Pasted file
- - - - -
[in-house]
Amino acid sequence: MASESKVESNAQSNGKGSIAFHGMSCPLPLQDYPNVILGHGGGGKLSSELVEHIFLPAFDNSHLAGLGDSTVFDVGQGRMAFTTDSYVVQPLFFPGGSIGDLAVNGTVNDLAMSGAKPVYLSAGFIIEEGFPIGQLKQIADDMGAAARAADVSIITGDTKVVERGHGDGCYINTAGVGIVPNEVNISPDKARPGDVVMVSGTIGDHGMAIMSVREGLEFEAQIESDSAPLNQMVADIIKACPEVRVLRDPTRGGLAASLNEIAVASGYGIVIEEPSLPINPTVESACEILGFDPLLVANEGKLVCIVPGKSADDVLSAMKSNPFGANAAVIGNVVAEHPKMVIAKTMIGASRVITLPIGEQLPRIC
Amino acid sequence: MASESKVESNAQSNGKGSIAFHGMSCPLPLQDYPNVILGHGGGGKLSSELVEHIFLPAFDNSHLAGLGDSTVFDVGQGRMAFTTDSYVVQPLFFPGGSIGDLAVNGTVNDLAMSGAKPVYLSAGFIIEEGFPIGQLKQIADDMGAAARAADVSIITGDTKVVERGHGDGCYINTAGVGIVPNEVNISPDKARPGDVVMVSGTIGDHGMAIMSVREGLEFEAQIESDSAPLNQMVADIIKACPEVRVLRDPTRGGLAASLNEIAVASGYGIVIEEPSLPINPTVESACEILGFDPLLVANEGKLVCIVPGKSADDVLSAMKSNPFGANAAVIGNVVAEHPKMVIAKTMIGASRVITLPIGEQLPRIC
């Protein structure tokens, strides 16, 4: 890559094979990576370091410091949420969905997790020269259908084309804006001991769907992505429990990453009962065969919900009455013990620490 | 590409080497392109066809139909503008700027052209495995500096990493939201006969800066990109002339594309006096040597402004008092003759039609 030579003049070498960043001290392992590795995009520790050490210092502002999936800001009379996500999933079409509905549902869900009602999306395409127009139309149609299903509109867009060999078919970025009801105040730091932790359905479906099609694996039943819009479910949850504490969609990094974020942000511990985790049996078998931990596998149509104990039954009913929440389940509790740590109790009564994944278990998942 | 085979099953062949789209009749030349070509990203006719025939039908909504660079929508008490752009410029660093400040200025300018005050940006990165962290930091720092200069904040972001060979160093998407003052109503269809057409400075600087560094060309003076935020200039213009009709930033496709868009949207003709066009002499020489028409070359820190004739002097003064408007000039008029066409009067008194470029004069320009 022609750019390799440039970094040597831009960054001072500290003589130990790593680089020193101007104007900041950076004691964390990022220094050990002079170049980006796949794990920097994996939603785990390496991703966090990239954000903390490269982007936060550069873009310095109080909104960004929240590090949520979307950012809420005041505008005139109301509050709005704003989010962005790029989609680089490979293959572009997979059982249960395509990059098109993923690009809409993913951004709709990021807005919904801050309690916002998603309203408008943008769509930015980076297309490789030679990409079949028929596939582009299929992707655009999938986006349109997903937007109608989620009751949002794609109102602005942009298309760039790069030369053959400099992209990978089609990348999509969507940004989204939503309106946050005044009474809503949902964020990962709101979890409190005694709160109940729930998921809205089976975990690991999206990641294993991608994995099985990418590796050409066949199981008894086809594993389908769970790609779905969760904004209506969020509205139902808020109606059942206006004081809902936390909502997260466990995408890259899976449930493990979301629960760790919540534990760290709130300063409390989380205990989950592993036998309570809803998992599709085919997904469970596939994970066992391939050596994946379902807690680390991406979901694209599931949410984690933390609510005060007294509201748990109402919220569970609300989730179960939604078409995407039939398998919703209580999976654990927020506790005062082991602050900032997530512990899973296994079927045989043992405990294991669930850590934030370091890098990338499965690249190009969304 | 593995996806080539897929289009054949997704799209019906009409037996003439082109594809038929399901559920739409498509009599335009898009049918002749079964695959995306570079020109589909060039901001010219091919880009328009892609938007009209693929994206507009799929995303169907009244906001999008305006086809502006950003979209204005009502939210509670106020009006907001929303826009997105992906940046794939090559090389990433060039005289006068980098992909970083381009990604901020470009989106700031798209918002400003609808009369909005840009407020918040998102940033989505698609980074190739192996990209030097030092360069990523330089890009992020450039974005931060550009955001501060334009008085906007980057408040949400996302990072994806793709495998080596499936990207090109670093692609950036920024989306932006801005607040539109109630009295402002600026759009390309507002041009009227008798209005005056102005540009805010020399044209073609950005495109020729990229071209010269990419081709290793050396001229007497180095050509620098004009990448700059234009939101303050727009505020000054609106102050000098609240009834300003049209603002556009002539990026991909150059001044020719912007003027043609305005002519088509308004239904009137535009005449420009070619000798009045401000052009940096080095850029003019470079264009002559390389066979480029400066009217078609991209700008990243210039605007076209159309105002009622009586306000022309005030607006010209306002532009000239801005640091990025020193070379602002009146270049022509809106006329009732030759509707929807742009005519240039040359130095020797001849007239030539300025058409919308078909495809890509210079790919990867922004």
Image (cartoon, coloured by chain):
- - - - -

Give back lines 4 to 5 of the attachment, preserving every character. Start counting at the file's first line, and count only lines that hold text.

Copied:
């Protein structure tokens, strides 16, 4: 890559094979990576370091410091949420969905997790020269259908084309804006001991769907992505429990990453009962065969919900009455013990620490 | 590409080497392109066809139909503008700027052209495995500096990493939201006969800066990109002339594309006096040597402004008092003759039609 030579003049070498960043001290392992590795995009520790050490210092502002999936800001009379996500999933079409509905549902869900009602999306395409127009139309149609299903509109867009060999078919970025009801105040730091932790359905479906099609694996039943819009479910949850504490969609990094974020942000511990985790049996078998931990596998149509104990039954009913929440389940509790740590109790009564994944278990998942 | 085979099953062949789209009749030349070509990203006719025939039908909504660079929508008490752009410029660093400040200025300018005050940006990165962290930091720092200069904040972001060979160093998407003052109503269809057409400075600087560094060309003076935020200039213009009709930033496709868009949207003709066009002499020489028409070359820190004739002097003064408007000039008029066409009067008194470029004069320009 022609750019390799440039970094040597831009960054001072500290003589130990790593680089020193101007104007900041950076004691964390990022220094050990002079170049980006796949794990920097994996939603785990390496991703966090990239954000903390490269982007936060550069873009310095109080909104960004929240590090949520979307950012809420005041505008005139109301509050709005704003989010962005790029989609680089490979293959572009997979059982249960395509990059098109993923690009809409993913951004709709990021807005919904801050309690916002998603309203408008943008769509930015980076297309490789030679990409079949028929596939582009299929992707655009999938986006349109997903937007109608989620009751949002794609109102602005942009298309760039790069030369053959400099992209990978089609990348999509969507940004989204939503309106946050005044009474809503949902964020990962709101979890409190005694709160109940729930998921809205089976975990690991999206990641294993991608994995099985990418590796050409066949199981008894086809594993389908769970790609779905969760904004209506969020509205139902808020109606059942206006004081809902936390909502997260466990995408890259899976449930493990979301629960760790919540534990760290709130300063409390989380205990989950592993036998309570809803998992599709085919997904469970596939994970066992391939050596994946379902807690680390991406979901694209599931949410984690933390609510005060007294509201748990109402919220569970609300989730179960939604078409995407039939398998919703209580999976654990927020506790005062082991602050900032997530512990899973296994079927045989043992405990294991669930850590934030370091890098990338499965690249190009969304 | 593995996806080539897929289009054949997704799209019906009409037996003439082109594809038929399901559920739409498509009599335009898009049918002749079964695959995306570079020109589909060039901001010219091919880009328009892609938007009209693929994206507009799929995303169907009244906001999008305006086809502006950003979209204005009502939210509670106020009006907001929303826009997105992906940046794939090559090389990433060039005289006068980098992909970083381009990604901020470009989106700031798209918002400003609808009369909005840009407020918040998102940033989505698609980074190739192996990209030097030092360069990523330089890009992020450039974005931060550009955001501060334009008085906007980057408040949400996302990072994806793709495998080596499936990207090109670093692609950036920024989306932006801005607040539109109630009295402002600026759009390309507002041009009227008798209005005056102005540009805010020399044209073609950005495109020729990229071209010269990419081709290793050396001229007497180095050509620098004009990448700059234009939101303050727009505020000054609106102050000098609240009834300003049209603002556009002539990026991909150059001044020719912007003027043609305005002519088509308004239904009137535009005449420009070619000798009045401000052009940096080095850029003019470079264009002559390389066979480029400066009217078609991209700008990243210039605007076209159309105002009622009586306000022309005030607006010209306002532009000239801005640091990025020193070379602002009146270049022509809106006329009732030759509707929807742009005519240039040359130095020797001849007239030539300025058409919308078909495809890509210079790919990867922004």
Image (cartoon, coloured by chain):